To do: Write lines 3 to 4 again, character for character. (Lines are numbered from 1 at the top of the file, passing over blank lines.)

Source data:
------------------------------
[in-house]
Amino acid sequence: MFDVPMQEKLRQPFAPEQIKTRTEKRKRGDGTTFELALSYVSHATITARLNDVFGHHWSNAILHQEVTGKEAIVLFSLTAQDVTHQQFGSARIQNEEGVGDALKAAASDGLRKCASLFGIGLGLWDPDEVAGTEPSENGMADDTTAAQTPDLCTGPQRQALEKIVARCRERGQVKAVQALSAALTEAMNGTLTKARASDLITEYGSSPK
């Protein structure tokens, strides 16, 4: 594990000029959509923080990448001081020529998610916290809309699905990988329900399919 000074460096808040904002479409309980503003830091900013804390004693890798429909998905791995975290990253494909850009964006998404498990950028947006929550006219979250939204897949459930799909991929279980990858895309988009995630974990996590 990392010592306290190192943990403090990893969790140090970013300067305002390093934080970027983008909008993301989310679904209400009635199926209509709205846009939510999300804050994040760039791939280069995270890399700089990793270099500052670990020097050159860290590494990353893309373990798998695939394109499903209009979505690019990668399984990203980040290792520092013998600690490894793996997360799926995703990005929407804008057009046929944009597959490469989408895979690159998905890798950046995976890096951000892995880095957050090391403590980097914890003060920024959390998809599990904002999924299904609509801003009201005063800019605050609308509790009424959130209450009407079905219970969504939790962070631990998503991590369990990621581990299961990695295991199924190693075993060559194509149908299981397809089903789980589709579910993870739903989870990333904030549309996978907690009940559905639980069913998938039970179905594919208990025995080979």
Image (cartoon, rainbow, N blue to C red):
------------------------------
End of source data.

């Protein structure tokens, strides 16, 4: 594990000029959509923080990448001081020529998610916290809309699905990988329900399919 000074460096808040904002479409309980503003830091900013804390004693890798429909998905791995975290990253494909850009964006998404498990950028947006929550006219979250939204897949459930799909991929279980990858895309988009995630974990996590 990392010592306290190192943990403090990893969790140090970013300067305002390093934080970027983008909008993301989310679904209400009635199926209509709205846009939510999300804050994040760039791939280069995270890399700089990793270099500052670990020097050159860290590494990353893309373990798998695939394109499903209009979505690019990668399984990203980040290792520092013998600690490894793996997360799926995703990005929407804008057009046929944009597959490469989408895979690159998905890798950046995976890096951000892995880095957050090391403590980097914890003060920024959390998809599990904002999924299904609509801003009201005063800019605050609308509790009424959130209450009407079905219970969504939790962070631990998503991590369990990621581990299961990695295991199924190693075993060559194509149908299981397809089903789980589709579910993870739903989870990333904030549309996978907690009940559905639980069913998938039970179905594919208990025995080979």
Image (cartoon, rainbow, N blue to C red):